“But you will receive power when the Holy Spirit comes on you; and you will be my witnesses in Jerusalem, and in all Judea and Samaria, and to the ends of the earth.” (Acts 1:8)
I look around at various local churches in our denomination and I notice that the majority of them are still either predominately Caucasian or African-American. However, I also see many other local churches becoming more multi-ethnic or attempting, which makes more sense in our globalized world.
I was participating in a conference recently that had the goal of challenging the local church to be more intentional in reaching the diaspora communities, there was a pastor of a local African-American congregation whom spoke in the part of the conference that I led and he made a statement that is so very true about the local church. He said that the Anglo church did international missions the best but local missions poorly and that the African-American church did local missions the best and international missions poorly. He talked about his goal to lead his church in a more balanced direction.
The local church needs to work harder at modeling the early church. When we look at the church in Antioch, we see a multi-ethnic church from its leadership to its members. The same is true for the churches in Thessalonica, Corinth, and Philippi. We are surrounded in Columbia by many diaspora communities that need to hear the Gospel. We, the local church, need to be more like the early church, an intentional, multi-ethnic church. One may ask, what steps can we take to become the multi-ethnic church Jesus seeks to build? Frank Damazio, pastor of City Bible Church, listed in an article that he wrote some steps to reach this goal.
- Build a bridge of love and friendship to the people groups of Columbia.The nations have to our city and continue to each year. Target different areas of Columbia and people groups, reach out and build relationships, and welcome them into the family as one church.
- Welcome people in,giving them opportunity to maintain their own cultural distinctions without being separated from the rest of the body of Christ. This helps internationals assimilate in the culture surrounding them. However, with the first generation, gathering them in groups or planting churches based on ethnicity, country of origin, or language, this is a good way to reach them. Regarding the second and third generations, it is best to incorporate them immediately in the larger church body since they consider themselves more American.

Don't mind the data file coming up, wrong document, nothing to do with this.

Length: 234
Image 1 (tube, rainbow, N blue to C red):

- Give opportunities for those with a different ethnic backgroundto gain practical experience and training more quickly in the area of church leadership. This opens the door for ethnic groups to be an arm of the local church to reach out to the various communities throughout the city and back to the home countries represented.
- Intentionally reach out and be willing to pay the cost.Make a commitment to persevere. Becoming a multi-ethnic church may require and adjustment to our lifestyle such as going to an ethnic store or restaurant and befriending someone who works there. Commit to leaving your comfort zone and becoming a learner. We must also be more evangelistic once we have strong relationships built.
The various ethnic churches across our state are doing just this by being devoted to Christ, devoted to fellowship with each other, and devoted to missions. Every month the ethnic pastors get together to fellowship with each other, learn from one another, work together in ministry, and worship together as one body. Now some Anglo churches and African-American churches are catching the vision God has laid in front of us and are slowly working and fellowshipping with the ethnic churches. God is a multi-ethnic God who created every people group to be reached with the Gospel. The building of an international culture into the church starts with its leader, the pastor, who motivates this multi-ethnic vision. I pray that every pastor will be that kind of leader.
Rev. Ryan Dupree